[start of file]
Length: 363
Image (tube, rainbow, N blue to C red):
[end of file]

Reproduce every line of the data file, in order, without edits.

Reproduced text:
Length: 363
Image (tube, rainbow, N blue to C red):